There are many advantages to this, but perhaps the most compelling is the money you can save. Many programs in Europe offer bachelor’s degrees after only three years and for cents on the dollar. In my case, my oldest son decided — after two semesters at a $60,000-a-year university in Boston — that he didn’t want to go back, mostly because he felt class sizes and the school itself were too big. My husband and I were gobsmacked — especially since we spent a year with him looking for the “perfect” college. But there was a silver lining. After doing some digging, we came across a small English-language university in Holland that charges students — American students included — less than a tenth of the yearly tuition fees we were paying to the Boston-based school. Instruction is top-notch, the surroundings are lovely and class sizes are generally smaller than 25 students. Yes, there is the cost of flying him home for holidays, but the overall price still pales in comparison to what we were shelling out before.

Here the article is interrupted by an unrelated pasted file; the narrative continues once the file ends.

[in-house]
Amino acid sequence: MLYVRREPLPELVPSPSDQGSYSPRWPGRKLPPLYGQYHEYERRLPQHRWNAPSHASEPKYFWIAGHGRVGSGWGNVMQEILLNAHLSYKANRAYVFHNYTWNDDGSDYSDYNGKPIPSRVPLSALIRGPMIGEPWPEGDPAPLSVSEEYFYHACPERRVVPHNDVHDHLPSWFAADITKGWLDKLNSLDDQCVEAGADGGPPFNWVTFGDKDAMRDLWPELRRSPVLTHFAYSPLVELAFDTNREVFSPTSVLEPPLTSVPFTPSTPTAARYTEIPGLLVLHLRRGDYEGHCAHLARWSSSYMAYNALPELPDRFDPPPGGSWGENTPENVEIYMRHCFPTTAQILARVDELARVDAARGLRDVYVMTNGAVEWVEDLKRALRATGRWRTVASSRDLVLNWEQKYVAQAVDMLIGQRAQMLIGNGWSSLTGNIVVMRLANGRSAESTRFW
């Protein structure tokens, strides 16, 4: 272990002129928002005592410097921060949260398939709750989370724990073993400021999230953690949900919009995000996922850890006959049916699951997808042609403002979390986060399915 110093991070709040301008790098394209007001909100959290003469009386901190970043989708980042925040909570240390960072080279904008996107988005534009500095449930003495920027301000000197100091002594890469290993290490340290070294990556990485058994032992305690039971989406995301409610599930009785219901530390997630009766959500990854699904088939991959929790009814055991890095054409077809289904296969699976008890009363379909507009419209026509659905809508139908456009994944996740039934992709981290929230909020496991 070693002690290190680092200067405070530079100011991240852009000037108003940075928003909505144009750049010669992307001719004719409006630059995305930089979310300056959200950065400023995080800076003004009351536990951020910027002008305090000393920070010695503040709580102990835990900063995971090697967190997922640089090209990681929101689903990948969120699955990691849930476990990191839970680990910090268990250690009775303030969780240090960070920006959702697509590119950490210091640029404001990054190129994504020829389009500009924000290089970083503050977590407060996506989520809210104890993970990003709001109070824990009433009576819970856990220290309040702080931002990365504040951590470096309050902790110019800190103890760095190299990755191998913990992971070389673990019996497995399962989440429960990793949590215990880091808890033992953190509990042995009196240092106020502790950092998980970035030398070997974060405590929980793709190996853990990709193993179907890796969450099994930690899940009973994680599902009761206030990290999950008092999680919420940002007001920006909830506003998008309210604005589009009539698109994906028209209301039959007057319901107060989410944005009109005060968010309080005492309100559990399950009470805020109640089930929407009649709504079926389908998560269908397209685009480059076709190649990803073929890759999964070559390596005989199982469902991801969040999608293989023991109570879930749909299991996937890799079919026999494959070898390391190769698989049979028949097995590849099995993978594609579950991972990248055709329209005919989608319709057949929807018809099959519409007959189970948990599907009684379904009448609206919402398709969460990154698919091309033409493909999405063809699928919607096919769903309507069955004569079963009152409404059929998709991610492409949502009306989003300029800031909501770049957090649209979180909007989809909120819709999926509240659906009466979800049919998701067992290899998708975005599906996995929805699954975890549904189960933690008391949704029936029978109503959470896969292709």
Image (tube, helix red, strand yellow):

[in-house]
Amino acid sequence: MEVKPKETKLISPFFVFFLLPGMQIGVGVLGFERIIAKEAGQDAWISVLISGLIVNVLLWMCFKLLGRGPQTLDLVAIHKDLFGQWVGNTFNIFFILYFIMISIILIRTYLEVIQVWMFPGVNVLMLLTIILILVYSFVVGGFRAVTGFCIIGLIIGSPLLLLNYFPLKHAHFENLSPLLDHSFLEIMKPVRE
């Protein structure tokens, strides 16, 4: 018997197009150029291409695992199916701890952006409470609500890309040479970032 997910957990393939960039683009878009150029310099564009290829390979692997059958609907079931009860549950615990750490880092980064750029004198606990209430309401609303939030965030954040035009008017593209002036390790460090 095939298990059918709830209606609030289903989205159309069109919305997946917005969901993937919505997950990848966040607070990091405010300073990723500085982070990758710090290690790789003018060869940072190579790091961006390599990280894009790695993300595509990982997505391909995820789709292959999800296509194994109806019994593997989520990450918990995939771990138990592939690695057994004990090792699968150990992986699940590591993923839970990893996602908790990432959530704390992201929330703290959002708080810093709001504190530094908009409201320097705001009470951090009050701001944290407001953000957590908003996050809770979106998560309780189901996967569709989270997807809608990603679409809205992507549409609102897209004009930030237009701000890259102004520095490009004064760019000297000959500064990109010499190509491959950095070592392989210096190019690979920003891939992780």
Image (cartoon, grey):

And so off he went and just a few weeks ago, in December 2017, he graduated with a degree in physics. He is now looking at master's degree programs abroad.
In its most recent survey of college pricing, the College Board reports that a moderate college budget for an in-state public college in America for the 2017–2018 academic year averaged $25,290. A moderate budget at a private college averaged $50,900. The price paid to attend an Ivy League university can easily top $60,000 a year.